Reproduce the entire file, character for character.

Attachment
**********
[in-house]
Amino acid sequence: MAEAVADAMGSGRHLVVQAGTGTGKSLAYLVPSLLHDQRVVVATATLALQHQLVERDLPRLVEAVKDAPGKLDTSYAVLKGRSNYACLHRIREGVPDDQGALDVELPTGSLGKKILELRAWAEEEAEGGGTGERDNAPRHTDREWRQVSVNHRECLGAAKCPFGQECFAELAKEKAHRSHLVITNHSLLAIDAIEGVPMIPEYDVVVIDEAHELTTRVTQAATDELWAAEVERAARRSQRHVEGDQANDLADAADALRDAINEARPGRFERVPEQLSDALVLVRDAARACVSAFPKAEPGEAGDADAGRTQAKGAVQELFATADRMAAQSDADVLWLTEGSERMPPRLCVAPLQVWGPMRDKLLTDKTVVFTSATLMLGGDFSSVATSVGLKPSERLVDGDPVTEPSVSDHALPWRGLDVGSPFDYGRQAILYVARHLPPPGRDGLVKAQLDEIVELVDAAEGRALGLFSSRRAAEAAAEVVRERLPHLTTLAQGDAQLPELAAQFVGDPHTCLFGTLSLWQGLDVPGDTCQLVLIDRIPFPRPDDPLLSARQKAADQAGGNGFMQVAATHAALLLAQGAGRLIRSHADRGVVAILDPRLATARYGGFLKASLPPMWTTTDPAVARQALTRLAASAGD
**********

[in-house]
Amino acid sequence: MAEAVADAMGSGRHLVVQAGTGTGKSLAYLVPSLLHDQRVVVATATLALQHQLVERDLPRLVEAVKDAPGKLDTSYAVLKGRSNYACLHRIREGVPDDQGALDVELPTGSLGKKILELRAWAEEEAEGGGTGERDNAPRHTDREWRQVSVNHRECLGAAKCPFGQECFAELAKEKAHRSHLVITNHSLLAIDAIEGVPMIPEYDVVVIDEAHELTTRVTQAATDELWAAEVERAARRSQRHVEGDQANDLADAADALRDAINEARPGRFERVPEQLSDALVLVRDAARACVSAFPKAEPGEAGDADAGRTQAKGAVQELFATADRMAAQSDADVLWLTEGSERMPPRLCVAPLQVWGPMRDKLLTDKTVVFTSATLMLGGDFSSVATSVGLKPSERLVDGDPVTEPSVSDHALPWRGLDVGSPFDYGRQAILYVARHLPPPGRDGLVKAQLDEIVELVDAAEGRALGLFSSRRAAEAAAEVVRERLPHLTTLAQGDAQLPELAAQFVGDPHTCLFGTLSLWQGLDVPGDTCQLVLIDRIPFPRPDDPLLSARQKAADQAGGNGFMQVAATHAALLLAQGAGRLIRSHADRGVVAILDPRLATARYGGFLKASLPPMWTTTDPAVARQALTRLAASAGD